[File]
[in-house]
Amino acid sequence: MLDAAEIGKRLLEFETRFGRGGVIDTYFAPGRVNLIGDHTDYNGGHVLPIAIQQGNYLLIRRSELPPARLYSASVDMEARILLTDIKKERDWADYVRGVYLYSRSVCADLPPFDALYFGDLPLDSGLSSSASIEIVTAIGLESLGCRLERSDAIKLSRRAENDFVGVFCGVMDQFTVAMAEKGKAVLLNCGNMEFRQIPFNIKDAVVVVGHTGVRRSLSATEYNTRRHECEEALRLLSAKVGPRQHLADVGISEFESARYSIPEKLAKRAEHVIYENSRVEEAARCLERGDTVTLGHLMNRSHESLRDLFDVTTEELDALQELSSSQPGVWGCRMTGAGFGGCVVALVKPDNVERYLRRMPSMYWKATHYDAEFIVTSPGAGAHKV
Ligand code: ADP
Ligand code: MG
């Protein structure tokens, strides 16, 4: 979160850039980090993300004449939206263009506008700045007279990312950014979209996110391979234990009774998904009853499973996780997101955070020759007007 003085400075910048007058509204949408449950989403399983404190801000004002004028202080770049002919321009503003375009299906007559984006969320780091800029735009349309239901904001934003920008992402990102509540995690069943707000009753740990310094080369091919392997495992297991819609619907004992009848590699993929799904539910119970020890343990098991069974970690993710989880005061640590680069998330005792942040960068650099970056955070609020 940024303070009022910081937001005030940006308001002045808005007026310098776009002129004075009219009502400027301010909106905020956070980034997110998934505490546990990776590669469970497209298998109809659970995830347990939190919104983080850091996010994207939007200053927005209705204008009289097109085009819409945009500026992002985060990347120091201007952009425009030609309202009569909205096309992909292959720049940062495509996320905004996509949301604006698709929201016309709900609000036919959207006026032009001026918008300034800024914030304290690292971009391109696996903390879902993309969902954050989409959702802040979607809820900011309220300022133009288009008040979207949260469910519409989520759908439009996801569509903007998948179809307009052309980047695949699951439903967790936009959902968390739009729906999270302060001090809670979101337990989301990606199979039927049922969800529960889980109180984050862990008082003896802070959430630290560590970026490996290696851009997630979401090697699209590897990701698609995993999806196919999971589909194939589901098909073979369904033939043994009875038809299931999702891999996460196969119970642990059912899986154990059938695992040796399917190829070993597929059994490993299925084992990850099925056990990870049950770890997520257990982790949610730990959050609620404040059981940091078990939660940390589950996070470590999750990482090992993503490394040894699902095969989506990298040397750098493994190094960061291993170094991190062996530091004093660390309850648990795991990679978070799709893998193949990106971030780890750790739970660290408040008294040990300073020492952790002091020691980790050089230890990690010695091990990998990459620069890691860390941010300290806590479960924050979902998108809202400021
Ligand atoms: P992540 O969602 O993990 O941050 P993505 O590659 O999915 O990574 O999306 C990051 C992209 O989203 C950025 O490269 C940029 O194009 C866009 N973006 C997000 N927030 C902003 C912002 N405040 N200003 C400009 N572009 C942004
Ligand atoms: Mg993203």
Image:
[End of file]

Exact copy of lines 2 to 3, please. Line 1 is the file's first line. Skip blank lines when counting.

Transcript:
Amino acid sequence: MLDAAEIGKRLLEFETRFGRGGVIDTYFAPGRVNLIGDHTDYNGGHVLPIAIQQGNYLLIRRSELPPARLYSASVDMEARILLTDIKKERDWADYVRGVYLYSRSVCADLPPFDALYFGDLPLDSGLSSSASIEIVTAIGLESLGCRLERSDAIKLSRRAENDFVGVFCGVMDQFTVAMAEKGKAVLLNCGNMEFRQIPFNIKDAVVVVGHTGVRRSLSATEYNTRRHECEEALRLLSAKVGPRQHLADVGISEFESARYSIPEKLAKRAEHVIYENSRVEEAARCLERGDTVTLGHLMNRSHESLRDLFDVTTEELDALQELSSSQPGVWGCRMTGAGFGGCVVALVKPDNVERYLRRMPSMYWKATHYDAEFIVTSPGAGAHKV
Ligand code: ADP